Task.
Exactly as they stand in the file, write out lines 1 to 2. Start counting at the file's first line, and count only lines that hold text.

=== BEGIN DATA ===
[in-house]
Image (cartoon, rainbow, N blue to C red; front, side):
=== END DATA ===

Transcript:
[in-house]
Image (cartoon, rainbow, N blue to C red; front, side):